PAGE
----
In an interview with Wired's Danger Room, Sen. Ron Wyden (D-Oregon, photo above) said the Patriot Act is worse than you've probably heard.
Congress is set to reauthorize three controversial provisions of the
surveillance law as early as Thursday. But Wyden says that what
Congress will renew is a mere fig leaf for a far broader legal
interpretation of the Patriot Act that the government keeps to itself
-- entirely in secret. Worse, there are hints that the government uses
this secret interpretation to gather what one Patriot-watcher calls a
"dragnet" for massive amounts of information on private citizens; the
government portrays its data-collection efforts much differently.
There's a Secret Patriot Act (Danger Room)
"We're getting to a gap between what the public thinks the law says
and what the American government secretly thinks the law says," Wyden
tells Danger Room in an interview in his Senate office. "When you've
got that kind of a gap, you're going to have a problem on your hands."
What exactly does Wyden mean by that? As a member of the intelligence
committee, he laments that he can't precisely explain without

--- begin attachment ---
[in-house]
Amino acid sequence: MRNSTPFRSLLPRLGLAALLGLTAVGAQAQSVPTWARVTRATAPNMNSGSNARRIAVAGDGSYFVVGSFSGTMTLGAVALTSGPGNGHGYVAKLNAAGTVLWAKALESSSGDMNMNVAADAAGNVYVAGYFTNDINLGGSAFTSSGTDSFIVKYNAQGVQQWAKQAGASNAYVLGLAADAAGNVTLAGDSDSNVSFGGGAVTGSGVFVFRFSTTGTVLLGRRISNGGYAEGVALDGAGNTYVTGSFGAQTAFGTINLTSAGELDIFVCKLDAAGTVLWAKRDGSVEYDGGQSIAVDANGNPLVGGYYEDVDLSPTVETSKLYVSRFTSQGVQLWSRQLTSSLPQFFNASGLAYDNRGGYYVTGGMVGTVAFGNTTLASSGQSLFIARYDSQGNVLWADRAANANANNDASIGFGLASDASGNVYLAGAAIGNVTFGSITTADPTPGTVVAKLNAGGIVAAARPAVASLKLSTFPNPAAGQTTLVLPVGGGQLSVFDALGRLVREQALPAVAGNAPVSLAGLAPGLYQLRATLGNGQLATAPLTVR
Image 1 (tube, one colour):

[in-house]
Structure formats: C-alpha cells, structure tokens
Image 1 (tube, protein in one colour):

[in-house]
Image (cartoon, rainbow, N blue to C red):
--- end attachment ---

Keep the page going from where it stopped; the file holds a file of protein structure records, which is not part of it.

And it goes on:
disclosing classified information. But one component of the Patriot
Act in particular gives him immense pause: the so-called "business
records provision," which empowers the FBI to get businesses, medical
offices, banks and other organizations to turn over any "tangible
things" it deems relevant to a security investigation.
Also: At Steven Aftergood's Secrecy News site, a related item.
And security researcher Christopher Soghoian has a related post here.
Russian emigre — and Putin opponent — Keith Gessen writes at length and very well about the different guises that Vladimir Putin takes on in the imaginations of western political writers: genius, nothing, secret stroke survivor, KGB agent, killer, kleptocrat, a man with the suspicious name of “Vladimir.”
Person of the Year so far in 2017? The Angry Constituent.
I saw this coming, for the past ten years or more. I saw small Trumps, rising and tramping around, first timidly, then bravely, and finally boldly.
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